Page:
Presentation on theme: "FRANKLIN D. ROOSEVELT’S THE NEW DEAL 1933-1945 Fireside Chats."— Presentation transcript:
FRANKLIN D. ROOSEVELT’S THE NEW DEAL 1933-1945 Fireside Chats
Standard 11.6 Created by L. Carreon Standard 11.6 Students analyze the different explanations for the Great Depression and how the New Deal fundamentally changed the role of the federal government.
Standard 11.6 Created by L. Carreon The Presidential Election of 1932 Franklin Delano Roosevelt defeated Herbert Hoover FDR’s slogan-Happy Days are Here Again FDR had a New Deal for the American people 25% unemployment and 10 million lost jobs Banks collapsed and the Dust Bowl affected the farmers FDR would restore the economy
Standard 11.6 Created by L. Carreon The beginning of the New Deal FDR closed the banks & gave them a holiday. He didn’t want people to withdraw their money He passed the Emergency Banking Relief Act to balance the budget. The National Industrial Recovery Administration (1933) provided money for public works. The government monitored big business and labor. Federal Emergency Relief Administration (1933) provided grants for unemployed.
Standard 11.6 Created by L. Carreon The beginning of the New Deal Agricultural Adjustment Act raised market prices for crops and livestock. Farmers destroyed the surplus of crops. Tennessee Valley Authority built dams that provided electricity for the poorest communities. FDR was successful in the 1 st 100 days because Congress worked with him.
The beginning of the New Deal One Hundred Days- passed many laws to stimulate the economy. Fireside Chats-Communicated with public and reassured people that the economy would recover.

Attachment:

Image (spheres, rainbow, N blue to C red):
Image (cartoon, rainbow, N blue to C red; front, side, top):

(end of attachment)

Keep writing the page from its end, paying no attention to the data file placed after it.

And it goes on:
Standard 11.6 Created by L. Carreon President Roosevelt’s New Deal Relief, Recovery and Reform-helped control the depression, and prevent a future depression Public Works Administration-gave out contracts for public works to stimulate economy Federal Reserve Bank-money is insured. supervise banks, an agent for the Federal government, and promote a healthily economy
Standard 11.6 Created by L. Carreon NEW DEAL PROGRAMS & LAWS Federal Emergency Relief Act( 1933)- provided grants for the poor National Labor Relations Act (1935)-Guarantee workers the right to organize and bargain Social Security Act (1935)-protect workers with insurance for unemployment and old age Civilian Conservation Corps (CCC)- provide work for the single, unemployment men.
Standard 11.6 Created by L. Carreon NEW DEAL PROGRAMS & LAWS Federal Deposit Insurance Corporation (FDIC)- protect depositors in case of bank failure Securities and Exchange Commission (SEC)-protect investors and regulate the stock exchange. United States Housing Authority (USHA)- lend money to local cities for low cost housing
Standard 11.6 Created by L. Carreon The power of unions The Wagner Act improved working conditions and rights of workers. The unions increased their bargaining power. The union power expanded to auto workers Bargaining tactic:sit-down- workers would go to work but would sit down and not work.
Standard 11.6 Created by L. Carreon Critics of the New Deal African-Americans didn’t believe that they received very much from the New Deal. Conservatives thought that the policies were too socialistic. Some thought that farms were wasting food. Dr. Francis E. Townsend believed that elderly weren’t being protected.
Standard 11.6 Created by L. Carreon Critics of the New Deal Huey Long believed that businesses weren’t sharing the wealth. “ Every man was king.” Father Charles E. Coughlin views were fascist and Anti-Semitic and anti- business.
Standard 11.6 Created by L. Carreon The legacy of the New Deal The policies like Social Security still impact our society. FDR wanted to pack the Supreme Court with people who supported the New Deal. His actions were ruled unconstitutional. FDR reshaped the way the Executive Branch is run.( the use of a cabinet & advisors) He centralized the power of the president.
Standard 11.6 Created by L. Carreon The legacy of the New Deal Mary McLeod Bethume headed the National Youth Administration. He appointed the first woman to a cabinet position – Secretary of Labor-Frances Perkins The economy didn’t improve quickly, but it gave people hope.